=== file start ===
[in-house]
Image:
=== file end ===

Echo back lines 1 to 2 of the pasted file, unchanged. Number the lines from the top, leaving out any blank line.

[in-house]
Image: